I’m looking for a good colapsuble camping saw to take with me on my canoe/camping trips. Any recommendations?
Fiskers folding saw
I buy the 10" folding saws at the Home Cheapot for around $15. The blade folds into the wood handle, and they cut really well. I use them in the yard too!! They sell larger or smaller ones also.
I picked up a Sven Saw at Campmor. I’ve been using one since I Was in boy scouts 20 years ago. They’re great.
For canoe camping a collapseable ,
… doesn’t add much, IMO. A full-sized $12 bow-saw lays flat in the bottom taking up almost no room. Just make sure you hang onto the blade guard thing that it comes with.
Why a folder?
Corona Clipper 21" Razor Tooth Saws are a sight better, and they have no limitations on the thickness of the timber they are used to cut (Beyond your arm strength). They have a Raker type tooth pattern and they cut amazingly well.
I have used this saw for a very long time now. Cut alot of wood with it, and has never let me down. Light weight, and takes up no room when packed.
I love Fiskars lifetime guarantee
on their hedge clippers.
Four years ago, I bought a pair at Lowes for pruning my Christmas trees, (several hundred).
Last year one of the shock absorbers broke. I brought it into Lowes with no receipt and they gave me a new pair.
Kind of like the Craftsman Tools at Sears.
Go To Walmart
You can get the same saw as at Homedepot only cheaper. The names are different but the saws are identical.
Cheap bow saws bind easily and can be frustrating. Saws are designed to cut when pulled. Pruning saws work best when you pull downward into the cut.
I’ve gone as far as removing the
blade and taping it to the inside of the hull with blue tape. A 5-minute make-do cardboard/duct tape scabbard has been on mine for a couple years now. I like the 24" bow saw option, as well. Replacement blade costs $4 at any hardware store.
Not all saws are designed to cut on the
pull stroke. Western or English pattern saws almost always cut on the push.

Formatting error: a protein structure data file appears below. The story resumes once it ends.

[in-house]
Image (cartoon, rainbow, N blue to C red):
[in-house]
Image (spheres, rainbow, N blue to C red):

A sharp, non-rusty, properly tensioned bow saw won't bind and cuts in both directions.
Bought a Sven Saw this past spring and have been happy with it, though admittedly it’s had fairly light duty so far. There are two different sizes, the one with the longer blade allows you to cut through larger diameter pieces (obviously). Look at the design and you can see that once you get so far through the wood you might not be able to make it the rest of the way as the peak of the saw will bottom out if the wood is too wide.
I bought mine mainly for backpacking and went with the smaller one to save size/weight. So far it’s handled every piece I’ve asked it to cut. The size/length is perfect, I just roll it up in the my sleeping pad and never even know it’s there.
I have had a Sawvivor for years. Works great, lightweight, easy to set up. Google search will take you there.
Trail Blazer type too
We used it for four years on portage clearing…and it cut about 75 big logs a day ( about 12-15 in dia).
Only downside is that you had to keep tightening it. And assembly was something best done on a flat surface. We lost the clip that keeps everything together pretty fast
over Sven and Trailblazer (made by same company as the Sawvivir) is that there are no small parts to drop or lose. Well, sure, you could loose the blade, but it is not “small”.
And Sawvivor makes a larger model that looks tasty.
I’ve Used Both The Sven And Sawvivor
The Sawvivor is by far the superior saw. There’s one hanging in my shed right now. I also own crosscuts saws as well as axes. The problem with bow saws they need rakers to clear the cuts. That means 12" of stroke is needed for a 6" diameter log. A pruning saw used right won’t bind. Another advantage is pruning saws don’t need the room and bow saw requires. With a pruning saw you can clear brush even. Don’t even think about doing that with a bow saw.
As far as cutting through 12"-15" logs go, learn to use an axe. I can cut through logs that size quicker with an axe than I can with my crosscut.
My friend made me a really nice 30" oak frame bow saw. All the pieces come apart for transportation. Has a string “wind up” tensioner and cuts wood like a charm. Weighs around 2 lbs and really looks nice.
many good saws
If you can’t easily obtain extra blades for your saw do not buy that brand! If the store doesn’t have the extra blades hanging next to the saws, go elsewhere.
Professional pruning catalogs offer high end saws. Cabellas, Gander Mtn, etc. Garden stores, hardware stores etc have good cheap saws.
I also like a folding pruning saw for use on the river cutting strainers or portage trails since the trailblazer takes a moment to assemble and both hands. A good pruning saw is really handy on some bushy streams.
Rethink the saw.
I’ve been camping for almost 40 years, and never found a need for a saw. There’s always wood to be had for a fire if you just look. Most places don’t want you cutting dead branches from trees, and why not just burn your wood in half on the fire. Let the fire do the work. My camping fires are kept small for cooking mostly. National Park Service recommends wood no thicker than your wrist. Let the fire do the cutting. Saws are too much work anyway. Enjoy your time by the fire. relax…Most camp saws are crap anyway. Just another gimick to put on the camping sales shelf.